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Print on canvas
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Giclée Print Standard frame sizes
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Framed Giclée Print 11.5 " x 8 "
Without ever having stopped painting figures - or portraits - Matisse had only occasionally used professional models since the 1910s. With Lorette, a model introduced to him at the end of November 1916 by his friend Georgette Agutte-Sembat, an intensive work practice was established, foreshadowing the importance that daily sessions with a privileged model would henceforth take on in his work, followed for several painting seasons. See more
Most of the paintings after Lorette are painted in pairs, a dense, compressed and harder version, and another fluid, brighter version of the same motif. One of the most obvious examples is Lorette on a Black Background, Green Dress, painted in late 1916-early 1917 (New York, Metropolitan) and its sister painting Seated Lorette, Pink Shepherdess, done a few months later.
Other smaller canvases are to be associated with the series, very free studies of the face in close-up, sometimes adjoining the Moorish pedestal table and the coffee cup that wedge the corner of the Mnam canvas, like the inlay of a memory of Morocco. We know that Lorette, often dressed by Matisse in a Moroccan gandoura or other embroidered jackets, with her long, untied black hair, was a first incarnation of the odalisque theme long before he moved to Nice. But in Lorette with a Cup of Coffee, as in most of the paintings for which she posed, references to Manet resound above all, with the same note of sensuality and the same direct, spontaneous approach to the model's femininity.
About Henri Matisse
The great 20th century artist Henri Matisse with Picasso. His revolutionary use of colour changed painting and led to one of the first avant-garde movements, Fauvism, of which it became a personal and unclassifiable art.
His childhood was not very inspiring: "In my village, if there was a tree on the path, it was uprooted because it gave shade to four beet plants". His father even beat him several times when he caught him drawing "nonsense". See more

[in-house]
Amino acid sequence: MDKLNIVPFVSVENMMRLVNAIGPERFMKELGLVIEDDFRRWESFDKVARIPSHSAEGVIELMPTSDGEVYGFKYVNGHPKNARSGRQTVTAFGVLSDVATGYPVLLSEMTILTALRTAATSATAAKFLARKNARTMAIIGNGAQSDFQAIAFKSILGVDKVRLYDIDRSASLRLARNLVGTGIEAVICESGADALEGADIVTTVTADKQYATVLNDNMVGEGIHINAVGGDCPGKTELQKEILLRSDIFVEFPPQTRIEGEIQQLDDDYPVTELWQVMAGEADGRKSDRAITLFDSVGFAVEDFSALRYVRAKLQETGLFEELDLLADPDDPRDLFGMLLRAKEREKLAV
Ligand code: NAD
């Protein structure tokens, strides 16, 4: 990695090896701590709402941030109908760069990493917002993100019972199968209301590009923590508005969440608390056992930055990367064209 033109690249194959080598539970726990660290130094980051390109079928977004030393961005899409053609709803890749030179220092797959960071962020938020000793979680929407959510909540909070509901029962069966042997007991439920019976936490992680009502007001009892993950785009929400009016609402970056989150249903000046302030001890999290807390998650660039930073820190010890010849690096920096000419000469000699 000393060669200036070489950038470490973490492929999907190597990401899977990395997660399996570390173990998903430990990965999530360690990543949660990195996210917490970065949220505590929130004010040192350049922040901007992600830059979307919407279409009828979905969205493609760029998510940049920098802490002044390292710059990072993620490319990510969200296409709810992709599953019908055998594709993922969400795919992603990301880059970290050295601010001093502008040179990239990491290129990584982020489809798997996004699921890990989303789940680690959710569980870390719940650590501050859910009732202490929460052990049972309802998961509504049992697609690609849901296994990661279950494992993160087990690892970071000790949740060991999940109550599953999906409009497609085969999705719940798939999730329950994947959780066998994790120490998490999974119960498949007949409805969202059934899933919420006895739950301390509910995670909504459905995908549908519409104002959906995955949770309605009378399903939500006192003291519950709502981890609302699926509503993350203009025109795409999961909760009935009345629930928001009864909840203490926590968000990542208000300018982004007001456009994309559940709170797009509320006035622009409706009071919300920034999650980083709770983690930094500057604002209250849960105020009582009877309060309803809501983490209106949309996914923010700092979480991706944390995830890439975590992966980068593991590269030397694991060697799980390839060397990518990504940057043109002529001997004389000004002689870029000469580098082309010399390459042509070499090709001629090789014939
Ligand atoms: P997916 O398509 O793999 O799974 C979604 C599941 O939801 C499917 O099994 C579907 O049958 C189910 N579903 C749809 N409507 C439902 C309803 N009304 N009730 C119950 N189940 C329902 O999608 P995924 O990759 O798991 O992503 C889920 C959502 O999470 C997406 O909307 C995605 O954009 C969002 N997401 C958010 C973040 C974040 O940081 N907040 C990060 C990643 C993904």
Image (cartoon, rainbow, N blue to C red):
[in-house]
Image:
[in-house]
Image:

So the young Matisse went to Paris and obtained a law degree, then worked briefly as a lawyer, but in 1889 he had the "fever" of artistic studies. "You are going to die of hunger, you hear me, Henri? ? It's a hobo race...". !", shouted his father.
The man had no idea that his son would be one of the richest and most appreciated artists in France.
Once infected with art, Matisse trained with painters such as Bouguereau and Moreau, but when he met young people who painted without following any rules (Derain, Vlaminck...), he entered a new and unknown pictorial language, based on the free use of colour, expressive vigour and the refusal to be a mere imitation of nature.
They exhibited together at the now mythical Salon d'Automne in 1905, where the critic Louis Vauxcelles called them fauves, a name they proudly adopted. Matisse seemed to confront all the paternal figures that stood in his way.
These contrasting colours, as well as the influence of African sculpture and other primitive cultures, would be the common denominator of this period for the painter, but towards the 1920s, the artist became a little more serene and began to tend towards sensuality, ornamentation and tradition. This is what happens with age...
With success, Matisse sold paintings like hotcakes, just like his colleague/rival Picasso. And like this one, he had one weakness above all others: women.
In poor health, he was always in bed or in a wheelchair. In fact, he had the bed put in the middle of his studio, which was full of young women, models and caretakers running around. His wife Amélie couldn't do much.